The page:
## Sunday, April 27, 2008

### Left-Brained epiphanies, part II

In an earlier post about two new movies featuring introverted eggheads who emerge from transformative experiences more passionate and socially engaged, I asked whether all epiphanies are right-brained. How often, for example, does an outgoing musician learn that what makes him truly happy is retreating to his study to analyze business cycles and market equilibria?

So far, three people have shared their left-brained epiphanies.  Last week, Dawn of Day by Day Discoveries shared hers.

This past week, Liz Ditz of I Speak of Dreams offered two:

1984 was a watershed year for me: I acquired an Osborne portable computer (which I named Ozzie). Suddenly, I discovered the satisfactions of quantitative analysis! I did not have to undertake the huge cognitive burden of mathematics my own self -- my faithful friend Ozzie did the calculations, and I could now play with assumptions. I was in an MBA program at the time. I'd read a case study, and have a way of quantifying my sense that "hmmmn, something's wrong here". I had enough math to set up the parameters, and Ozzie's abilities let me play until my intuitions were quantified.

This story makes me wonder how many other people would discover the joys of left-brained thinking if only the lower-level analysis were less tedious.

How many more grade school students, for example, would enjoy higher level math if only they had more automated command of the lower-level stuff--the standard algorithms and multiplication tables?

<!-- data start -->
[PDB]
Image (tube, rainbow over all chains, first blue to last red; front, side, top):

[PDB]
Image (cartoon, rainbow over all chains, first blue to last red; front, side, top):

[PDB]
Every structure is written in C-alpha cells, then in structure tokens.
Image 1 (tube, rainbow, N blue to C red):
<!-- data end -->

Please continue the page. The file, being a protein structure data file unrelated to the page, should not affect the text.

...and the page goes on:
Liz's second epiphany:

I'm also thinking about the cognitive demands of interpreting behavior. I have a dog (a middle-aged, female Golden Retriever) and I'm currently taking care of a friend's dog (a young, female Border Collie). Today I had a guest who is naive about dogs; he was very much concerned about the "aggression" the dogs were displaying. Well, they were playing--play biting, play growling, play chasing. To him, it was fearful aggression; to me, I could easily see by the dogs' respective demeanors that it was just play.

This made me think of Malcolm Gladwell's Blink, often cited as endorsing intuition over analysis.  In fact, it argues that naive intuitions are often wrong, and can be sharpened by long term experience.

Meanwhile, PaulaV wrote:

I certainly never thought I would be interested in reading graphs or stats on cognitive behavior. Yet, one day this changed when my son's principal told me he was unfocused and had a disconnect in math. I've became quite obsessed with finding out all I can on working memory, executive function, processing speed and how it relates to various subjects.

Paula's story shows yet another way in which, as our schools continue abandoning analytical rigor--in both their teaching and their evaluations--we parents must continue picking up their slack.

If you have a left-brained epiphany you'd like to share, please post it as a comment below.